On Crimes and Punishments

Front Cover
Hackett Publishing, 1986 - Law - 105 pages
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Includes a translator s preface, note on the text, and suggestions for further reading."
 

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Contents

To the Reader
2
Introduction
5
Origin of Punishments
7
The Right to Punish
8
Consequences
9
Interpretation of the Law
10
Obscurity of Laws
12
Proportion between Crimes and Punishments
14
Infamy
40
Political Idleness
41
Banishment and Confiscations
42
The Spirit of the Family
43
Mildness of Punishments
46
The Death Penalty
48
Imprisonment
53
Proceedings and Limitations on Criminal Prosecution
56

Errors in the Measurement of Punishments
16
Division of Crimes
17
Honor
19
Duels
21
Public Tranquillity
22
Purpose of Punishments
23
Witnesses
24
Evidence and Forms of Judgment
25
Secret Accusations
27
Torture
29
The Public Treasury
33
Oaths
35
Promptness of Punishment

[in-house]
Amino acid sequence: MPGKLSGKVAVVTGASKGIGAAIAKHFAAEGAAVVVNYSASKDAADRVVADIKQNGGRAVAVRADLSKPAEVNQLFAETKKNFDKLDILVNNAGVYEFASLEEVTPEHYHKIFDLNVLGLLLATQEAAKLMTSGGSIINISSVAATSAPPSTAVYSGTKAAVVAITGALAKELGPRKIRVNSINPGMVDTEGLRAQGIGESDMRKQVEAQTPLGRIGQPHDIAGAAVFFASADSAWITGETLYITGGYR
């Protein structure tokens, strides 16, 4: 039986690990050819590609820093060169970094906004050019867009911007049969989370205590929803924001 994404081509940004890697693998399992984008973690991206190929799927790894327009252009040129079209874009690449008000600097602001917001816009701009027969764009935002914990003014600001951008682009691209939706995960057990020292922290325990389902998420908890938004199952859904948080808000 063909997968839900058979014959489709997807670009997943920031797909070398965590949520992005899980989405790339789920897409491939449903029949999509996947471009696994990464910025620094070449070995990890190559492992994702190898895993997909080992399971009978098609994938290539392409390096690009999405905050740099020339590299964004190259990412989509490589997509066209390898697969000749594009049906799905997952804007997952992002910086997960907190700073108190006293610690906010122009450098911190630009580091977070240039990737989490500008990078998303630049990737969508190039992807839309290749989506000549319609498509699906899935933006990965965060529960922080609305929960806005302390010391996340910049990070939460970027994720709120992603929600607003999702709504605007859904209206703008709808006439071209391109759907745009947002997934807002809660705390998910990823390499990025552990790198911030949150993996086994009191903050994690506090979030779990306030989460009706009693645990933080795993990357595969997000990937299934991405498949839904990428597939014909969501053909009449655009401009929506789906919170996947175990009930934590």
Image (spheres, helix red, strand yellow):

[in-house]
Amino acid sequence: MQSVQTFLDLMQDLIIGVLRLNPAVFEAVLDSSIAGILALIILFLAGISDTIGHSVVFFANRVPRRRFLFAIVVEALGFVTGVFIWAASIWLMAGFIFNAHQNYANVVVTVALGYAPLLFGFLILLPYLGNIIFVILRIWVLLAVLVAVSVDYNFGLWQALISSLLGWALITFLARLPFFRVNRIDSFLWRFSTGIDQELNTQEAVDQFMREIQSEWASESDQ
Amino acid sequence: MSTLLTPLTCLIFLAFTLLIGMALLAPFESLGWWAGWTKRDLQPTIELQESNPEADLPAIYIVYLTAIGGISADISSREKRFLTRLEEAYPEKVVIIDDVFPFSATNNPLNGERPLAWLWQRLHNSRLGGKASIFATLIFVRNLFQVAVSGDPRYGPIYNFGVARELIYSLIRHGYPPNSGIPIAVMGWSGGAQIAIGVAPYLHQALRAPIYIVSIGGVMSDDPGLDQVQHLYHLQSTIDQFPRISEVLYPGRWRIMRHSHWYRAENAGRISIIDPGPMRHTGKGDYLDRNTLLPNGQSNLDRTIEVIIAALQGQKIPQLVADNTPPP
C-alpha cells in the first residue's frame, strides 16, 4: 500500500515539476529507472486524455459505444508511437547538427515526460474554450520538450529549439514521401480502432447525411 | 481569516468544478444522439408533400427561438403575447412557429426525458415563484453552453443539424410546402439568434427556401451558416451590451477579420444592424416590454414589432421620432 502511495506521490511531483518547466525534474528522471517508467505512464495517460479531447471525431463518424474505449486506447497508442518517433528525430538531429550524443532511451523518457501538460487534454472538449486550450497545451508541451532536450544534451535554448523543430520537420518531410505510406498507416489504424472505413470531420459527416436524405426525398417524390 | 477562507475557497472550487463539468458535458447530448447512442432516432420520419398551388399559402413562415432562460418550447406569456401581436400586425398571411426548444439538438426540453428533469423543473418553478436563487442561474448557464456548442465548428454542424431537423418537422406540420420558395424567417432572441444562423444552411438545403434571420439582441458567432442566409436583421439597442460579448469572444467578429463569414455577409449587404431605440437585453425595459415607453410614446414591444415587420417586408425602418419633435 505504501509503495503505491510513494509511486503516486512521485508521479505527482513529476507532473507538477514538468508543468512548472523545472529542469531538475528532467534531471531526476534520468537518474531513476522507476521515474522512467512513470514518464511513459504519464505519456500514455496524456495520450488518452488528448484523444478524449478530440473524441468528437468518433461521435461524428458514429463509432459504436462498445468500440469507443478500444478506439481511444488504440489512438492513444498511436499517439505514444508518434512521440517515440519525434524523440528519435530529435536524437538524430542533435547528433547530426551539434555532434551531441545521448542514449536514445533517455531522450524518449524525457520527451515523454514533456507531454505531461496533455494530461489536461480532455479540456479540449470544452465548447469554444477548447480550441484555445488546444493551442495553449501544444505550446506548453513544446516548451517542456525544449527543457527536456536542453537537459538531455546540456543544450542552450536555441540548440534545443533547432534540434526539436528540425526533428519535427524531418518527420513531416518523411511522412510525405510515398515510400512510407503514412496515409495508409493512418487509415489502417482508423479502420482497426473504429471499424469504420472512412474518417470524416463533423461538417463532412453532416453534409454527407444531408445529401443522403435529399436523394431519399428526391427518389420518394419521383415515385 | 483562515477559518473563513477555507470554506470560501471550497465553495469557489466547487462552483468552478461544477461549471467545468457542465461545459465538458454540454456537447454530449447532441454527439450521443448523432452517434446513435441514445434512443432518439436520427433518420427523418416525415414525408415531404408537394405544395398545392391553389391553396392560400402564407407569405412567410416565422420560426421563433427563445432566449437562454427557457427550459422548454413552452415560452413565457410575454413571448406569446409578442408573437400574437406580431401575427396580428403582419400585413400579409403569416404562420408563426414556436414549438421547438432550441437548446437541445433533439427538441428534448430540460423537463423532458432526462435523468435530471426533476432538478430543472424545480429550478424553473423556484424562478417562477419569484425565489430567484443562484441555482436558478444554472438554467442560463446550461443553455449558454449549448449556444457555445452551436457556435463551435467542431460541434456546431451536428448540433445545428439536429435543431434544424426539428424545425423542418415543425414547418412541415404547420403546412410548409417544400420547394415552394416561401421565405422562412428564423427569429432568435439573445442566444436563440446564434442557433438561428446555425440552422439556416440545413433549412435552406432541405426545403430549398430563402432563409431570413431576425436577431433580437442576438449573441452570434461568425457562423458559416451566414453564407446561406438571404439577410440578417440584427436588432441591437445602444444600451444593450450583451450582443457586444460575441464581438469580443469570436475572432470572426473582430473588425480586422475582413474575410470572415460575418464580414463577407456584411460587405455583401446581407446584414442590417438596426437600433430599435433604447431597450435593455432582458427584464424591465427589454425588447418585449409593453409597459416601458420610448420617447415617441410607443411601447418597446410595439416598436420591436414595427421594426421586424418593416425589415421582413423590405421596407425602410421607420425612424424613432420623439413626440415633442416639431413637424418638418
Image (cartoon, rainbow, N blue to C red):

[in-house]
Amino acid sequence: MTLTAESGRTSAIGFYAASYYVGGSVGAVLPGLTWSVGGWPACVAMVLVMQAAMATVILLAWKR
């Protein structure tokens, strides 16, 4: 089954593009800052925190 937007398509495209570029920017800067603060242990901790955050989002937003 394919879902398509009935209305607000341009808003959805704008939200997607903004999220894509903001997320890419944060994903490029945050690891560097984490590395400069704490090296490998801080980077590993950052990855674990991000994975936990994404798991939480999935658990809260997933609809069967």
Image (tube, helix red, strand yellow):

36
Crimes of Violence
37
Punishment of Nobles
38
Thefts
39
Crimes Difficult to Prove
58
Suicide
60
Smuggling
63
Debtors
64
Places of Asylum
67
Bounties
68
Attempted Crimes Accomplices and Impunity
69
Suggestive Interrogations and Depositions
70
A Particular Kind of Crime
72
False Ideas of Utility
73
How to Prevent Crimes
74
Knowledge
76
Magistrates
78
Rewards
79
Copyright

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References to this book

Are Prisons Obsolete?
Angela Y. Davis
No preview available - 2011
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About the author (1986)

Cesare Beccaria" (1738-1794) was an Italian philosopher and politician. He is known as one of the founders of modern criminology and penology. In his lifetime he was made chair of law and economy at Palatine College, became a member of the supreme economic council and was elected to the board for the reform of the judicial code all in Milan.

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